Len also brings an important comment to this discussion. This confirms the need to change oils at regular intervals. Even when manufacturers claim that their oils are good for extended life. As for me I regularly change oils in all my vehicles at 3000 mi and do regular oil analysis to confirm the used oils condition. There are those that will say that this is unnecessary but this what I choose to do. The oil analysis allows me to either shorten or extend the intervals based on a particular engines needs. If my cars dont get regular usage annually to need an oil change it will get changed annually regardless of its mileage.

Bill Chasser
TD -4834
W A Chasser

Thanks for the comments
My oil is changed every year with out fail and the engine never sees more than 1600 miles before the change so acids are out. I doubt the cause is the roller kit. But it may possibly be making another problem worse.
I believe there is something off about the engine.Remember one was a factory original bearing which spalled very badly. The newer bearing shows no signs of spinning.
I am having the cam bearings holes alignment checked as I can think of no other cause for this.The cam does not have a scratch on it and there is no perceptible play in the cam at the front.
Does any one know how to resize pictures for this site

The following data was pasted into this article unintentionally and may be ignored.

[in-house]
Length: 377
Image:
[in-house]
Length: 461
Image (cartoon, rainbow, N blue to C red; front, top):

on a Mac computer?
K. McKenzie

Nocking (peening) the front cam bearing into the cutout is a standard procedure, as far as I know. Doing so will automatically cause a portion of the bearing to rise up and it will need to be cut down. I took the first XPAG cam that I replaced and had the machine shop cut a diagonal groove into the front bearing. I then use it as a cutter to smoothen the front bearing. Bud

Bud Krueger

Yeah as Len says it's not the cam or springs causing that--
If you're changing the oil regularly then it could be moisture related(coolant) does the oil go milky at all
Has it got good oil pressure normally
What oil are you running
William Revit

Ken, here's how to resize photos on a Mac.

1. Open the photo in Preview (a very versatile program).
2. Go File ... Export ... and in the options box at the bottom choose JPEG.
2. In the options box again, use the Quality slider to reduce the file size.

That's it.

David Wardell

Thanks David!
Here is a pic of the original 1952 front cam bearing

K. McKenzie

Still looks like an oil dilution / low pressure issue to me
So what oil and pressure ---?

It looks as though you have the motor stripped, what were all the other bearings like and why is it apart if this bearing isn't very old
William Revit

Here's a photo for interest. A correct XPAG cam bearing reamer...

Steve Simmons

Oil pressure is 43 psi at 3000 rpm at 85c oil temp
55 psi at start up cold
Thanks for the picture of the reamer Steve. Where can I find one in the frozen North ?

K. McKenzie

I don't know if anyone is still making them. This one is a factory item. Maybe check with some of the older sports car shops in the area.
Steve Simmons

This thread was discussed between 02/12/2018 and 07/12/2018